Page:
That Friday evening, we ended our travel for the day by pulling into the Oowah Lake Campground, 4 miles removed from the La Sal Mountain Loop Road and at about 9,000' in elevation. With more open campsites than occupied campsites, this small, forested lake nestled between Haystack Mountain and Boren Mesa felt like the perfect place to camp for the night. Being my first time in these mountains, a basecamp seemed comforting as opposed to rushing out onto the trail while evening approached. Plus, I still wasn't certain where we would go. Partly due to the small area the range covers, there isn't much in multi-day backpacking options. And unlike the Uintas, the La Sals are crisscrossed by roads and lack any “wilderness” designation. I worried we might find this alpine oasis in the desert sort of tame. In fact, the base of most of the peaks are easily approached by driving and most trip reports on summitpost.org said the various 12,000' peaks climbed within a day. While studying the solid and dotted lines on the crammed contours of my map, I looked for a route we could hike away from the road that led us to a peak which we could climb. I chose Mt. Mellenthin as a destination. Second highest in the range, it's approach began south at Geyser Pass. Geyser Pass could be hiked to on a dotted line (non-motorized) through the romantic sounding Moonlight Meadows. I thought we might be able to climb the peak and still make it back to Moonlight Meadows that night for camp. And if not, we had other opportunities to explore, such as the trail that headed into the heart of the mountains on the north side of the range. And while the presence of a road took some of the escapism out of our trip, it did provide a nice crutch should we need a fast, obvious route back to Oowah Lake.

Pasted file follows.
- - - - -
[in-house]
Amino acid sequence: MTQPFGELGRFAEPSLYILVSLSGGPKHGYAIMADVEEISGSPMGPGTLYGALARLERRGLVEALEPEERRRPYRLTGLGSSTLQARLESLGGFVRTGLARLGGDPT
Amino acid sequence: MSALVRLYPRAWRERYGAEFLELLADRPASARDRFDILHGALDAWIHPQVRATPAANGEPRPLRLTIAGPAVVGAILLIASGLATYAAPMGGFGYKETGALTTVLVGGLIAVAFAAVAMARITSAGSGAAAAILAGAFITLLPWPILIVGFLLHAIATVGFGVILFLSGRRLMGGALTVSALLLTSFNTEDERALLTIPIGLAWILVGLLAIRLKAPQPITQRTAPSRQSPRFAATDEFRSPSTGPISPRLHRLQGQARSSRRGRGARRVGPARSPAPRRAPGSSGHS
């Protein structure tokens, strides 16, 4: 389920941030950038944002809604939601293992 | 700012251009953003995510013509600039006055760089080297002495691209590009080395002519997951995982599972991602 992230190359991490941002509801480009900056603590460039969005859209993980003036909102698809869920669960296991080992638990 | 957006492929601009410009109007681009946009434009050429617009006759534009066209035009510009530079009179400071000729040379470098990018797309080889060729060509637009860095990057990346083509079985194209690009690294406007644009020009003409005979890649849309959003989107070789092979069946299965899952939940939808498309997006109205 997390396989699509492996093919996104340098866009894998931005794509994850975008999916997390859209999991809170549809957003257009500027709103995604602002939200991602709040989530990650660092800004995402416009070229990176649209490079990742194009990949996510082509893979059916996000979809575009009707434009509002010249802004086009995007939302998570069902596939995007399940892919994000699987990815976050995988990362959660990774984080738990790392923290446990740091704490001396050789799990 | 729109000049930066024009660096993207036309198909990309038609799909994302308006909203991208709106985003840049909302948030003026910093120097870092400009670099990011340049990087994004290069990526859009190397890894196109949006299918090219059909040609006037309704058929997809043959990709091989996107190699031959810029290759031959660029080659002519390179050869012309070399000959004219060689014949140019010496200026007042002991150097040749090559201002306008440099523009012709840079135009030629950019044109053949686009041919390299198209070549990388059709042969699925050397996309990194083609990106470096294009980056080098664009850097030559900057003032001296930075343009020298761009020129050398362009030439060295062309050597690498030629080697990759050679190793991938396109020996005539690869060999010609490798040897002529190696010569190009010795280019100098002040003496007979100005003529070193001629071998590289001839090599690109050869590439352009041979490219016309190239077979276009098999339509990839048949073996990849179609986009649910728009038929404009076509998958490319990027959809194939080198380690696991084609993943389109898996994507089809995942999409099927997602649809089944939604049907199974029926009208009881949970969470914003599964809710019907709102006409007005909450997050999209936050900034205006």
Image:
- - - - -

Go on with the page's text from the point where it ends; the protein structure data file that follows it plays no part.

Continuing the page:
Saturday morning, I got up around 8am, giving the sun as much time as possible to work it's way up over the mountains and through the thick trees that surrounded us. Without much exposure to the sun, the ground still had the damp remains of yesterday's rain shower and it felt strange to think that in the lowlands below us, any moisture that fell would have been baked away on that Navajo sandstone in a matter of minutes. While stretching my back, a rustling in the bushes across the road caught my attention. My mind raced to assign a source to the grunting and suddenly the orange signs around camp warning of bears became more profound. While black bears tend to be more nuisance than danger, I have gladly managed to avoid crossing paths with them on all my backpacking trips, so suddenly the La Sal's presented some “wilderness” in a different way.